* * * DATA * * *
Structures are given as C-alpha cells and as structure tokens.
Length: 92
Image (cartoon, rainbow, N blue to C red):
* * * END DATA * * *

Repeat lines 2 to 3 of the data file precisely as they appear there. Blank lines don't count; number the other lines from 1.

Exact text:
Length: 92
Image (cartoon, rainbow, N blue to C red):